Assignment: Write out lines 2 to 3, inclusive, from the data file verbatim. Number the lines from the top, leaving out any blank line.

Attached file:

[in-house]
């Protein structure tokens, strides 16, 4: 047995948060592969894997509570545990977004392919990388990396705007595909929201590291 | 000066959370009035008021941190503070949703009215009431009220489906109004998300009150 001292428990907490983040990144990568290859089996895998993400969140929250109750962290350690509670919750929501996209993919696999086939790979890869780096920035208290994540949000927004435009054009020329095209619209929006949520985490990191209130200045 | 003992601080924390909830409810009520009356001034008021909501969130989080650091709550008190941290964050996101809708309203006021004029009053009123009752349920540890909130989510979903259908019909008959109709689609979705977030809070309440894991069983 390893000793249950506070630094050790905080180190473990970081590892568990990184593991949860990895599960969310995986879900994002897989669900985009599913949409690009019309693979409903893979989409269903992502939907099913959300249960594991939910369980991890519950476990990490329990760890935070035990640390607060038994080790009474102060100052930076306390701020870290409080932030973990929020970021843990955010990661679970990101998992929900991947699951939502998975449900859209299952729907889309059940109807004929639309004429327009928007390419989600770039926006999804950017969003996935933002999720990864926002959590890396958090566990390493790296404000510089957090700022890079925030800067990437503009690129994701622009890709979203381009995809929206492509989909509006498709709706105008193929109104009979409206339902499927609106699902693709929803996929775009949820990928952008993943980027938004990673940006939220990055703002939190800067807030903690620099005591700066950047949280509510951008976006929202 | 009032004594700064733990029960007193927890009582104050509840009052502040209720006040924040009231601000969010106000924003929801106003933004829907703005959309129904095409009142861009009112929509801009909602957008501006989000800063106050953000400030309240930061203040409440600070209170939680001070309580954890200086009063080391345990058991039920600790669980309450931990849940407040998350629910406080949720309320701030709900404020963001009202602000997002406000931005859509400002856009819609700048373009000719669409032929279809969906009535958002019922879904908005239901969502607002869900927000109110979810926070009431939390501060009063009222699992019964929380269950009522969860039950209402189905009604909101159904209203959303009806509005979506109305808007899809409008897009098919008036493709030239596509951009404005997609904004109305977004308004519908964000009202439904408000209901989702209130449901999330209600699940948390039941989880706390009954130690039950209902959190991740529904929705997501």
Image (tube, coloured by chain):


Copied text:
């Protein structure tokens, strides 16, 4: 047995948060592969894997509570545990977004392919990388990396705007595909929201590291 | 000066959370009035008021941190503070949703009215009431009220489906109004998300009150 001292428990907490983040990144990568290859089996895998993400969140929250109750962290350690509670919750929501996209993919696999086939790979890869780096920035208290994540949000927004435009054009020329095209619209929006949520985490990191209130200045 | 003992601080924390909830409810009520009356001034008021909501969130989080650091709550008190941290964050996101809708309203006021004029009053009123009752349920540890909130989510979903259908019909008959109709689609979705977030809070309440894991069983 390893000793249950506070630094050790905080180190473990970081590892568990990184593991949860990895599960969310995986879900994002897989669900985009599913949409690009019309693979409903893979989409269903992502939907099913959300249960594991939910369980991890519950476990990490329990760890935070035990640390607060038994080790009474102060100052930076306390701020870290409080932030973990929020970021843990955010990661679970990101998992929900991947699951939502998975449900859209299952729907889309059940109807004929639309004429327009928007390419989600770039926006999804950017969003996935933002999720990864926002959590890396958090566990390493790296404000510089957090700022890079925030800067990437503009690129994701622009890709979203381009995809929206492509989909509006498709709706105008193929109104009979409206339902499927609106699902693709929803996929775009949820990928952008993943980027938004990673940006939220990055703002939190800067807030903690620099005591700066950047949280509510951008976006929202 | 009032004594700064733990029960007193927890009582104050509840009052502040209720006040924040009231601000969010106000924003929801106003933004829907703005959309129904095409009142861009009112929509801009909602957008501006989000800063106050953000400030309240930061203040409440600070209170939680001070309580954890200086009063080391345990058991039920600790669980309450931990849940407040998350629910406080949720309320701030709900404020963001009202602000997002406000931005859509400002856009819609700048373009000719669409032929279809969906009535958002019922879904908005239901969502607002869900927000109110979810926070009431939390501060009063009222699992019964929380269950009522969860039950209402189905009604909101159904209203959303009806509005979506109305808007899809409008897009098919008036493709030239596509951009404005997609904004109305977004308004519908964000009202439904408000209901989702209130449901999330209600699940948390039941989880706390009954130690039950209902959190991740529904929705997501």
Image (tube, coloured by chain):